Is DNA Sequencing Improving Our Understanding of Diseases?
Researchers report progress in using the genome to make medicine more precise.
Ten years after the human genome was first sequenced, much work still must be done to translate such knowledge into medical therapies. But here are some ways that new insights from genetic analysis are helping doctors understand the complex genetics behind some diseases, including some rare ailments.
Comparing genomes across populations has given researchers insights about potential new ways of treating type 2 diabetes. In a study published in the Journal of the American Medical Association in June, researchers tried to get more details on the genetics of Latinos, who have a high prevalence of the disease. The scientists spent more than a decade sequencing the exomes—the part of the genome that codes for proteins—of more than 3,700 Mexicans and U.S.-based Latinos in four different studies. They uncovered a variant that occurred in 2 percent of Mexicans with type 2 diabetes, but increased the risk of the disease by four to five times. The study raises the prospect that drugs used to treat a rare version of diabetes could also benefit people with the genetic variant spotted in this study, though more research is needed.
People of Ashkenazi Jewish descent are prone to rare genetic diseases like cystic fibrosis and Tay-Sachs disease and have a relatively high risk of more common diseases like Parkinson’s and breast cancer. A new study in Nature Communications explains how researchers analyzed the genomes of 128 healthy Ashkenazi Jews. Such information could be used to determine which common genetic mutations in that population do not necessarily cause a disease. Todd Lencz, an associate professor at Hofstra’s medical school, and Columbia University associate computer science professor Itsik Pe’er say they can now eliminate two-thirds of the false alarms that Ashkenazi Jews might otherwise get from a genetic screening test.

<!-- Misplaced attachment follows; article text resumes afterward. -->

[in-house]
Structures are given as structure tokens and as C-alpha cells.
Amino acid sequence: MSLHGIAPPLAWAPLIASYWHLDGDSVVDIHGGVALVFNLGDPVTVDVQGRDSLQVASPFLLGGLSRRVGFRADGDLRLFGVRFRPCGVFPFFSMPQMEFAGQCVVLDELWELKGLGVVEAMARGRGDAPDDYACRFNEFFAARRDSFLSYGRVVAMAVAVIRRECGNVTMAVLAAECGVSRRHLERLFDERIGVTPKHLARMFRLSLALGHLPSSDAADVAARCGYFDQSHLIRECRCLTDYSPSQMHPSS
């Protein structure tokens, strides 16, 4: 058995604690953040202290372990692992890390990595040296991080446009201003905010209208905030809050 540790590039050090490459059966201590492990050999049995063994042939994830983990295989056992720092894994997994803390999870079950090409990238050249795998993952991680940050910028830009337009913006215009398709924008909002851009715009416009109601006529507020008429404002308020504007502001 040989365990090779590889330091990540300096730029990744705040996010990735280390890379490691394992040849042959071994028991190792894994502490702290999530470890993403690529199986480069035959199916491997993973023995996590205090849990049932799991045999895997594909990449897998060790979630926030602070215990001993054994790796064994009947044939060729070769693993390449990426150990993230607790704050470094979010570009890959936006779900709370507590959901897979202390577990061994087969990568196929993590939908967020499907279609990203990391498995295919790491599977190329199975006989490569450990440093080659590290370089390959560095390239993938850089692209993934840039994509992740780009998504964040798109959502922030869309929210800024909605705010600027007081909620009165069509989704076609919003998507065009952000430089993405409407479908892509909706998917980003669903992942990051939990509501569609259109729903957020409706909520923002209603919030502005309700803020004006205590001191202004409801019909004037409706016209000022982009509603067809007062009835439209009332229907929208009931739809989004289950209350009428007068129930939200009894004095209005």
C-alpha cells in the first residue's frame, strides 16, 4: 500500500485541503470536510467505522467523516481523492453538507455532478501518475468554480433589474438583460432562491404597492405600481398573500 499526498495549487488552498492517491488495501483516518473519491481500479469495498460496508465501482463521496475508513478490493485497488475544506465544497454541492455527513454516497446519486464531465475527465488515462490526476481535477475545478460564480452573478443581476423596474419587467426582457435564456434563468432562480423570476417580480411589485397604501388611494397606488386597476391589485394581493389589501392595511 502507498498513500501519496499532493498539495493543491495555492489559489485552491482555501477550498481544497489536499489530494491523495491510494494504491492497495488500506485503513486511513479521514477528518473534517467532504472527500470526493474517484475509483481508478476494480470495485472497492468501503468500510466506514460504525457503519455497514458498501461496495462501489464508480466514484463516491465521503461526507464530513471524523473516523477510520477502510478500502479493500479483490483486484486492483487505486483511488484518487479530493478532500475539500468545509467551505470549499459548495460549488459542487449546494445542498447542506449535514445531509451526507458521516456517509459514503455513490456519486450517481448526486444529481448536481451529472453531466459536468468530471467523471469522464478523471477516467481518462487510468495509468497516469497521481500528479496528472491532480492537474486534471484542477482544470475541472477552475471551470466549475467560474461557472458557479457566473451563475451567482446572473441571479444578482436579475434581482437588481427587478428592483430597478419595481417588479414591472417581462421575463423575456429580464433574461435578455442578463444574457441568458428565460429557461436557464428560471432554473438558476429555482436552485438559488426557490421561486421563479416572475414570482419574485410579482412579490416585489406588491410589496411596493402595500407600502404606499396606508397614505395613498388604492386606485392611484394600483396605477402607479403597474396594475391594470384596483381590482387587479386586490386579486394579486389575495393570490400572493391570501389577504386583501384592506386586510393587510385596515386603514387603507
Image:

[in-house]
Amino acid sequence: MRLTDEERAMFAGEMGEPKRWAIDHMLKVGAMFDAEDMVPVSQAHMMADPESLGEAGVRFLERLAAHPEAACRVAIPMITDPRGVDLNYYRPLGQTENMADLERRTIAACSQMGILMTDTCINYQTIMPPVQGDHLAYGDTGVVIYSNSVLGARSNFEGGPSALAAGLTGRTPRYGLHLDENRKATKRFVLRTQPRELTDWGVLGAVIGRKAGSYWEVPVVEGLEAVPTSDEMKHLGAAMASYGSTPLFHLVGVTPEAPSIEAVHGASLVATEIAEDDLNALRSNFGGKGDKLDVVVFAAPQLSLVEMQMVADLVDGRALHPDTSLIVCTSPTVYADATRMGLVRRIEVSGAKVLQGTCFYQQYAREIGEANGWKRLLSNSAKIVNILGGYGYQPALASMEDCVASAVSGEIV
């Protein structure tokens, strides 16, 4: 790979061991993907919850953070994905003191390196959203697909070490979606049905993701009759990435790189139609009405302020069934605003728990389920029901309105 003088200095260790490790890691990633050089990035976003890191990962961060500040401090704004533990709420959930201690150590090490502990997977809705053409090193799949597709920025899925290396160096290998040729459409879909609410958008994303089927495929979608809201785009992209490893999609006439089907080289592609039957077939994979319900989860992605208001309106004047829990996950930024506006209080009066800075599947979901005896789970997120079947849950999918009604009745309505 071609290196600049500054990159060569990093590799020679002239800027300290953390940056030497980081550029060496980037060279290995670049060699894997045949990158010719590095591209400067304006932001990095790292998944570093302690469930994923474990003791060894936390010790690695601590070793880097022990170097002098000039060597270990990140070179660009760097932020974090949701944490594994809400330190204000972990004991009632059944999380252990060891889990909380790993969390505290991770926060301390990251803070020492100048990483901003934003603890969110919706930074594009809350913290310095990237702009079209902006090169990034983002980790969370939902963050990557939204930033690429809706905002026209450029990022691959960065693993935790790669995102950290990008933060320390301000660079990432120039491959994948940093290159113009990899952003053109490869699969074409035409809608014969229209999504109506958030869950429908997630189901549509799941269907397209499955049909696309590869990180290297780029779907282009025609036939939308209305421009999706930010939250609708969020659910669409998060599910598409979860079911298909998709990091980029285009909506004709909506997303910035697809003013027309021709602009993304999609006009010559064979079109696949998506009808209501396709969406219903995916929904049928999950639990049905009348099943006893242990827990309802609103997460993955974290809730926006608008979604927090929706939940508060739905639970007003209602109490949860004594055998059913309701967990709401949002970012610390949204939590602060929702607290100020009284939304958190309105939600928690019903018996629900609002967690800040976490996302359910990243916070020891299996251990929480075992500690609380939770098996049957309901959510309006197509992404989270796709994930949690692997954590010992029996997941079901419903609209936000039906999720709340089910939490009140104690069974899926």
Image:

Under the Microscope
DNA sequencing data can help scientists glean information about rare diseases that may not be accurately diagnosed from just looking at patients’ symptoms. That was the case when two teams of researchers from Austria, the U.S., and the Netherlands uncovered the mutation behind a newly discovered disorder marked by a smaller brain and problems like seizures and motor defects. Those problems were not distinctive enough on their own to pinpoint the cause—they could have been caused by a few disorders. But after sequencing the DNA of thousands of children that had these neurological symptoms (and sequencing their families), the researchers found a mutation in seven families that did not correspond to an already known disorder. The study was outlined in two papers published in Cell last April.
Cervical cancer causes more than 7 percent of all cancer deaths in women worldwide, but scientists have known little about how mutations form in tumors and therefore drive the illness, limiting the potential for drugs to treat it. To better understand the disease, researchers from the U.S., Mexico, and Norway compared the genomes of cervical tumors and healthy tissue taken from the same patients. The researchers found 13 mutations linked to cervical cancer; eight were not previously associated with the disease, and two weren’t known to be linked to cancer at all. This finding is especially significant because one of those genes has already been shown to have a role in breast cancer, which means cervical cancer patients might benefit from existing therapies for that disease. The study appeared online in the journal Nature in December.
DNA sequencing is beginning to yield important insights for certain diseases, and such developments figure to increase as more genetic data becomes available over the next several years. The British government has announced it will invest more than £300 million in a project to map 100,000 genomes by 2017 and match the DNA data with medical records.
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